Fortieth in a series of reflections on Mass readings during the Extraordinary Jubilee Year of Mercy
Fourteenth Sunday in Ordinary Time
Readings: Isaiah 66:10-14c; Galatians 6:14-18; Luke 10:1-12, 17-20
This time of year I think of my home parish in Hyde Park, Boston’s southernmost neighborhood. Its cornerstone was laid on July 4, 1880, the Feast of the Most Precious Blood that year. That feast no longer exists in our liturgical calendar, but it does live on in both the name and the mission of the parish 136 years later. Through His redeeming Blood we are all constantly called to be “a kingdom and priests for God” – or, as the parish’s first pastor once put it, “to edify men by leading exemplary lives.” What does that mean, though – to lead an exemplary life? What does it mean to make of our very selves a pattern that other people should imitate?
The First Reading, taken from the last part of the Isaiah prophecies to be written, tells us to “[r]ejoice with Jerusalem and be glad because of her.” Before the exile Jerusalem was the dwelling place of the Name of God, the physical presence of the LORD on earth. The city was like a nourishing mother, in whose arms and at whose breasts all Israel’s children could be at peace. The message of the prophet is: it will be so again! “As a mother comforts her child, so will I comfort you,” says God. But also, and perhaps more importantly, He says that “the LORD’s power shall be known to his servants.” So full of joy and well-being will the people of Jerusalem be that all who serve God will know that it is God Who has done this. This is more than just the calling to be a light to the nations; by this joy they will also be a beacon to themselves, and to all who seek to serve God.
Several hundred years later, through the Gospel reading, we find Jesus doing exactly that with 72 of His disciples, granting them special graces and powers so they can evangelize the places He intends to visit. In response to their practice of these gifts, the disciples remark with surprise that “even the demons are subject to us.” This is no surprise to Jesus, of course, Who blithely – almost whimsically (for God’s sense of humor is never to be underestimated!) – remarks that He has seen “Satan fall like lightning from the sky.” But He cautions His disciples not to take any pride in these gifts, for they are exactly that: gifts, that can be freely given and freely taken away. “[D]o not rejoice because the spirits are subject to you, but rejoice because your names are written in heaven.” Like the Israelites after the exile who were looking forward to the restoration of Jerusalem, the disciples needed to understand that God’s great plan is accomplished through God’s power, even if His beloved children cooperate with Him in His work.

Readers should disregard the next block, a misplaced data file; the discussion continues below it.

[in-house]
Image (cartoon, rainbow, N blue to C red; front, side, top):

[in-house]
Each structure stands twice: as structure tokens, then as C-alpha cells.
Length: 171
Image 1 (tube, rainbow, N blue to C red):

This understanding needed by both the Old and the New is brought to bear in one of Saint Paul’s most famous sayings, one that frames the Second Reading today: “May I never boast except in the cross of our Lord Jesus Christ, through which the world has been crucified to me and I to the world.” The practice of religion, the very acts of faith that we perform are not meant to redound to our glory, but to God’s. Even the scars that litter Paul’s own body, the evidence of the slow martyrdom of his persecution and imprisonment at the hands of pagans and other hostiles, he refers to as “the marks of Jesus.” They are not his badges of honor as much as his badge of ambassadorship, his branding (Greek, stigmata) as a slave of his Master – which, ultimately is how he saw himself. All his accomplishments he handed over to his Lord and God, the One Who had justified him since he could not justify himself. And he invites the Galatians, as all of us, to do the same, to be crucified in the eyes of the world just as our Savior Himself was – and to see each other on that same level.
This calling to be “a kingdom and priests for God” is not exclusive to the people of Most Precious Blood Parish or of central Hyde Park, but is for everyone who would call themselves a child of God, a brother or sister of Christ. The Redemption is for everyone who accepts it. And It is Christ, the incarnate God, Who is that pattern we should imitate and that we should lead others to imitate as well. Just like the disciples whose glory was not their own but their Lord’s Who gave them the power, so too we risk boasting of our own accomplishments to the detriment of the thanks and praise we own to the One Who gives us gift. And that is the real meaning of leading an exemplary life: to show to ourselves and to each other that perfect pattern of love and mercy by which we are meant to unite ourselves to each other and to God: impartially, ministerially, compassionately.
There is an old saying that the only man-made things in heaven are the Wounds of Christ. And even those He glorified by His own power after He rose from death. May we never boast of anything except that power – and the reason we have it.